It’s sorta obvious the current owner of Smash Palace Bar Gisborne, Darryl Monteith is a musician. As I walk in, he’s already on stage cranking out “History Never Repeats” by Split Enz, accompanied by his mate Mo. A young fulla and his dad have arrived at the same time, guitar case in hand, obviously here to play. Others, like me, are here to listen, to support budding musicians gaining their confidence, and perhaps experience a seasoned talent bust out something special.

Build-a-Band started about 2 years ago, and used to be on Fridays. The instruments are all on loan from local musicians, but bringing your own is pretty standard too. Electric guitars (including left hand), acoustic guitar, bass, drums, bongos, various percussion instruments…. all there. If you’re a bit shy there’s a post to stand behind, but that spot can get a bit crowded.

The original concept was that individual musicians get up and jam, some would gel as a group and go on to start a band. Darryl reckons there’s loads of musical talent in Gisborne and sees Build-a-Band as a way of helping to nurture and develop that talent. Mostly folks are happy to just come along and jam. Try out a song they’ve written. See what sort of reaction they get, or have that one time a week they are totally in the zone. It’s building bonds between local musicians who probably wouldn’t otherwise have known each other existed.

As we know, Gisborne attracts a few travellers, and even though our borders are closed we still have interesting folks from far off places passing through or basing themselves here. Some of them have proved to be accomplished musicians and thrilled to have a chance to play. On nights like that, Smash patrons get to experience something they may have to pay big bucks for in another setting. But this is Build-a-Band. Everyone’s welcome. The ages vary, the styles of music vary, the levels of experience vary, but everyone’s all about the music. As I head out the door there’s a call from the stage, “We need a blues guitarist!”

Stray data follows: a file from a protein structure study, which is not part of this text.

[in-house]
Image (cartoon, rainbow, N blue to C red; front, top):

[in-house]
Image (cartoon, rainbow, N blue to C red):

What: Build-a-band
Where: Smash Palace Bar, 24 Banks St, Awapuni
When: Every Thursday night, 7 – 11pm
Cost: Free – wouldn’t hurt to buy a beer while you’re there though!
Story by Leah McAneney
Photographs by John Flatt

TE REO MĀORI CLASSES 2021

EIT

Certificate in Te Reo Māori [Level 2]

– Full time day class OR part time night class with wananga.  February – July. 

This course provides you with the language skills required to communicate and feel comfortable in everyday contexts and in Māori environments. 

  • Fee Free


NZ Certificate in Te Reo me Ngā Tikanga [Level 4]

Full time day class or part time night class with wananga. February – November

For those who already have a general understanding of the Māori language and want to progress further. You will cover Māori language, marae customs and practices and focus on applying te reo Māori to everyday life.

  • Fee Free

Certificate in Tikanga (Waka Ama) [Level 3]  – Wananga based, from February to July.

With a waka ama focus, you will learn about, and be immersed in waka ama. The programme covers subjects like fitness and wellbeing for all ages, for whānau, hapū, iwi and local communities as well as health and safety. You will study the history of waka ama, its national significance today.

  • Fee Free


NZ Diploma in Te Reo Māori (Immersion) [Level 5]  – Full time day class, February – November

The NZ Diploma is designed to provide intermediate skills in te reo tikanga Māori, develop academic writing and research skills, provide an option of Māturanga Māori courses as well as expand on activities that enhance teaching te reo Māori such as Māori stone tool technology, Māori performing arts, and Māori society.

Cost: Approx $5,600 for the first year.